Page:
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Review ARTICLE

Front. Hum. Neurosci., 23 December 2013 | https://doi.org/10.3389/fnhum.2013.00889

Neuroergonomics: a review of applications to physical and cognitive work

  • 1Department of Environmental and Occupational Health, School of Rural Public Healthy, Texas A&M University, College Station, TX, USA
  • 2Center of Excellence in Neuroergonomics, Technology, and Cognition, George Mason University, Fairfax, VA, USA

Neuroergonomics is an emerging science that is defined as the study of the human brain in relation to performance at work and in everyday settings. This paper provides a critical review of the neuroergonomic approach to evaluating physical and cognitive work, particularly in mobile settings. Neuroergonomics research employing mobile and immobile brain imaging techniques are discussed in the following areas of physical and cognitive work: (1) physical work parameters; (2) physical fatigue; (3) vigilance and mental fatigue; (4) training and neuroadaptive systems; and (5) assessment of concurrent physical and cognitive work. Finally, the integration of brain and body measurements in investigating workload and fatigue, in the context of mobile brain/body imaging (“MoBI”), is discussed.

Introduction

Neuroergonomics is defined as the study of the human brain in relation to performance at work and everyday settings (Parasuraman, 2003; Parasuraman and Rizzo, 2007). It integrates theories and principles from ergonomics, neuroscience, and human factors to provide valuable insights on brain function and behavior as encountered in natural settings (Parasuraman, 2011). In this paper, we review neuroimaging techniques applicable to neuroergonomics that has expanded our understanding of the neural correlates of operators’ physical and cognitive capabilities and limitations when they interact with work systems. Moreover, while experimental laboratory studies have advanced our knowledge of brain functions during simulated work, it is important to assess operator performance in naturalistic work settings. Understanding brain function in such dynamic and mobile work settings requires the use of ambulatory neuroimaging techniques (Makeig et al., 2009).

There are two main reasons why ambulatory neuroimaging techniques need to be developed for ergonomics research and practice. First, by definition, physical ergonomics requires that participants move their limbs or bodies while carrying out some physical task. Moreover, while cognitive ergonomics studies can be conducted in immobile participants, research on embodied cognition has shown that cognitive processing when moving and interacting in the physical world may have unique characteristics that can only be captured with mobile neuroimaging (Clark, 1998; Parasuraman, 2003; Raz et al., 2005). This review discusses the use of neuroergonomics methods to evaluate brain responses in mobile work environments. We discuss the suitability and feasibility of mobile and immobile brain imaging techniques in the context of physical neuroergonomics, cognitive neuroergonomics, and neuroergonomic assessment of concurrent physical and mental work. Finally, we consider the requirements and utility of combined brain and body measurements in investigating workload and fatigue for neuroergonomic investigations.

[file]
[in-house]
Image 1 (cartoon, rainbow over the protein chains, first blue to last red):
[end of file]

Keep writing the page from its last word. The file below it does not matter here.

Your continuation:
Neuroergonomic Methods

Neuroergonomic studies rely heavily on existing neuroimaging techniques to understand brain structures, mechanisms, and functions during work. Neuroimaging techniques applicable to neuroergonomics fall into two general categories, those that are direct indicators of neuronal activity in response to stimuli, such as electroencephalography (EEG) and event-related potentials (ERPs), and those that provide indirect metabolic indicators of neuronal activity, such as functional magnetic resonance imaging (fMRI), positron emission tomography (PET), and functional near infrared spectroscopy (fNIRS). EEG represents summated post-synaptic electrical activity of neurons firing in response to motor/cognitive stimuli as recorded on the scalp, and thus offers excellent temporal resolution of electromagnetic brain changes, on the order of milliseconds. In comparison, fMRI and PET techniques, that provide information on cerebral blood flow in response to neuronal activity, have low temporal resolution (on the order of about 10 s), but offer excellent spatial resolution (1 cm or better) and unlike EEG, they provide valuable information on location of the neural signal generated.

Since neuroergonomics distinguishes itself from traditional neuroscience in that it evaluates brain functions in response to work, it is important that the neuroergonomic methods provide the flexibility to assess brain function in naturalistic work settings. Some neuroimaging techniques are better designed for and adapted for assessing brain functions in mobile work environments than others. The pros and cons of neuroergonomic methods are discussed in reference to three criteria: (1) temporal resolution, (2) spatial resolution, and (3) degree of immobility. Figure 1 illustrates how these neuroimaging techniques compare against each other based on the three criteria. In addition, Table 1 lists these methods and their major characteristics, such as portability, cost, along with spatial and temporal resolution. In this section, we provide a brief review of the various methods that have been used in neuroergonomic evaluations of human work, emphasizing measures of brain function and applicability in mobile experimental/field settings.